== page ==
Russia’s Olympic team has been banned from the 2018 Winter Games in Pyeongchang, South Korea, according to The New York Times.
The International Olympics Committee (IOC) on Tuesday issued the stiff penalties as part of a ruling cementing Russia as guilty of an extensive state-backed doping program.
The Times on Tuesday reported that Russian government officials are also blacklisted from attending the contests next year.
Russia’s flag will additionally not be displayed during the opening ceremony for the event, and its national anthem will not be played either.
The official Olympic record books will additionally forever show that Russia won zero medals, finalizing a punishment without precedent in the event’s history.
The IOC’s move means that any Russian athletes who receive a special dispensation to compete in the next Winter Games will do so as individuals wearing a neutral uniform.
IOC President Thomas Bach has said that he was frustrated by not only Russia’s sweeping cheating but how it was accomplished.
A team assembled by Russia’s sports ministry tampered with more than 100 urine samples in an elaborate overnight operation during the 2014 Winter Games in Sochi.
The effort was designed to mask evidence of top Russian athletes’ steroid use throughout the course of competitions that year.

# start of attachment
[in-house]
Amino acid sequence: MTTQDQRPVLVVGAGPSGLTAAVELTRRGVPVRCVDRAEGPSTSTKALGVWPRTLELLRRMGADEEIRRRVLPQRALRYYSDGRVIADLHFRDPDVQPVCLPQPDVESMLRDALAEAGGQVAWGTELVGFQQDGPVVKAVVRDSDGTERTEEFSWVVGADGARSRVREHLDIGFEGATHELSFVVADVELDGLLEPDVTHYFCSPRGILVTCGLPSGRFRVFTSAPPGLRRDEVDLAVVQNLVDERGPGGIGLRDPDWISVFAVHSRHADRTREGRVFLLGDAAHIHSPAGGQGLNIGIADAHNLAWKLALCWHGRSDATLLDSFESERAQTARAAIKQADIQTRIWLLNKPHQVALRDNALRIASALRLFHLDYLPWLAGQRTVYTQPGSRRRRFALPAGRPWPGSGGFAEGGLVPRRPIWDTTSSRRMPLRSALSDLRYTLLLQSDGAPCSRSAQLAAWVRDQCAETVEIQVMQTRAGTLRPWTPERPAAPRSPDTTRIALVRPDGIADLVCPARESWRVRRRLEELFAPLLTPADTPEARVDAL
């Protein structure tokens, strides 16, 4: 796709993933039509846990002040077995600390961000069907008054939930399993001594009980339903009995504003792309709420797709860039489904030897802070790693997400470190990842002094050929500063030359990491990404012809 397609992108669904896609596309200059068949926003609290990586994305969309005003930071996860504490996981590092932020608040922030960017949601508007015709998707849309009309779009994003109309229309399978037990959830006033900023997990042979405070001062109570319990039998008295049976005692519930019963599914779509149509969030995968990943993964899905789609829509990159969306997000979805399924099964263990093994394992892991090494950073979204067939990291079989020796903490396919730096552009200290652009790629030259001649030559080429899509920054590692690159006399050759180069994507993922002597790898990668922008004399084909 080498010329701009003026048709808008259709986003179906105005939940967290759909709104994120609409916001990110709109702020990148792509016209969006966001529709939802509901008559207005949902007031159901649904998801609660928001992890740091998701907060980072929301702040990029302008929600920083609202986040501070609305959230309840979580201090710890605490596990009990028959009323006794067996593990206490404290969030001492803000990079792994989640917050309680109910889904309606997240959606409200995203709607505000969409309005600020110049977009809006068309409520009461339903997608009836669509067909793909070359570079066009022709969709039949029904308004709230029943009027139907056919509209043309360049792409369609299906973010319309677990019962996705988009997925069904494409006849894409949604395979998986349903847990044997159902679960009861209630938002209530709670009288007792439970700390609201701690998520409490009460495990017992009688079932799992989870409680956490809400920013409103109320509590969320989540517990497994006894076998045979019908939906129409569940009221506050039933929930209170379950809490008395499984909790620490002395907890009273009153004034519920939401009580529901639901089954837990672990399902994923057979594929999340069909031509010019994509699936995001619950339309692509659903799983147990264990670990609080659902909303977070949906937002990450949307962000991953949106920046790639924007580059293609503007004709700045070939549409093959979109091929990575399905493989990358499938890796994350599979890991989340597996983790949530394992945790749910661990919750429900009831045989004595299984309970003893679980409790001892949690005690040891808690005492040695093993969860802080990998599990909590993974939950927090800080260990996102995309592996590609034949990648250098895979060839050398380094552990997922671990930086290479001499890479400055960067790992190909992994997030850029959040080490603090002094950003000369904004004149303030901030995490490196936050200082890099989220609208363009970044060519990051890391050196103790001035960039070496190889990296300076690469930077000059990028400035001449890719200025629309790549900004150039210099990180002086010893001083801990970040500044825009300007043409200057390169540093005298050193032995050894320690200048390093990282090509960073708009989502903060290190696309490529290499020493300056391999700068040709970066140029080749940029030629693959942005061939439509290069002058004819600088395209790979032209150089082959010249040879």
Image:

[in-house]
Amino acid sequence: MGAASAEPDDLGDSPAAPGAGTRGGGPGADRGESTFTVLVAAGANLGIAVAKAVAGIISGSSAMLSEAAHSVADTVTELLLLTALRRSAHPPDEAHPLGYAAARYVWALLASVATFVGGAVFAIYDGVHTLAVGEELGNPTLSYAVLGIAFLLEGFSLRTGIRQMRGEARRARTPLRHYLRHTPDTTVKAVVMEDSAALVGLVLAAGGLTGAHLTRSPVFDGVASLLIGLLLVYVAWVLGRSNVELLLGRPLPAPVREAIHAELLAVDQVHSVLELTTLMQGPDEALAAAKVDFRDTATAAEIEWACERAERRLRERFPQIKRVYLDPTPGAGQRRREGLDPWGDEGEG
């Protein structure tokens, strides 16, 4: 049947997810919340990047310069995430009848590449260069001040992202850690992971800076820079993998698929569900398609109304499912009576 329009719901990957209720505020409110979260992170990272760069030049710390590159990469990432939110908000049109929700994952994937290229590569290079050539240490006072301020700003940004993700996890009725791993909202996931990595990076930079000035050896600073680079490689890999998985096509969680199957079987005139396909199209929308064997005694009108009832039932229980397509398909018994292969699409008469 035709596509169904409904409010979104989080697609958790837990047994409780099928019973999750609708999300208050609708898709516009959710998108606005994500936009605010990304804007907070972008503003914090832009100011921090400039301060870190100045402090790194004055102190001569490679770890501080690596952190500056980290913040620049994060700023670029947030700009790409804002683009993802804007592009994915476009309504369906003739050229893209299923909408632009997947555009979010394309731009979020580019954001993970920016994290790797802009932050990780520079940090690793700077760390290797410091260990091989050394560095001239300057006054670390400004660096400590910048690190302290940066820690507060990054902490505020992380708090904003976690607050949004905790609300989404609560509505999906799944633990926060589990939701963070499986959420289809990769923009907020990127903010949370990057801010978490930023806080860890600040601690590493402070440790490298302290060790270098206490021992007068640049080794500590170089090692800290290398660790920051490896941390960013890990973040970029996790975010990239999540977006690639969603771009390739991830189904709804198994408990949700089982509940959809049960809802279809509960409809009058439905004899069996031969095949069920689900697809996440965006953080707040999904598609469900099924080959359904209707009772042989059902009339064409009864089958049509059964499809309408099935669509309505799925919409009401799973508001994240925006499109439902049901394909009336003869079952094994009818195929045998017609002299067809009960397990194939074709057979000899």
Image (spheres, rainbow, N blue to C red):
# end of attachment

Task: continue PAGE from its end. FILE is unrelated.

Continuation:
More than two dozen Russian athletes have since been disqualified from the Sochi standings as a result of the findings.
Olympic officials are also still sorting through the tainted results and rescinding related medals from the 2014 Games.
Bach on Tuesday said that at the 2018 games a special medal ceremony will reassign medals to retroactive winners from Sochi.
Legal appeals from the impacted Russian athletes, however, means it remains uncertain if all the results from Sochi will get finalized in time.
Some Russian officials have threatened to boycott the 2018 Games if the IOC delivered such a severe penalty.
Russian President Vladimir Putin’s foreign policy in recent years has focused on the idea that he has saved his nation from embarrassments the West inflicted upon it after the Soviet Union fell.
Dmitri Peskov, who is Putin’s spokesman, had said before Tuesday’s news that no boycott of the next Winter Games was under discussion.
The IOC’s announcement broke late in the evening in Moscow local time, making a quick official reaction unlikely.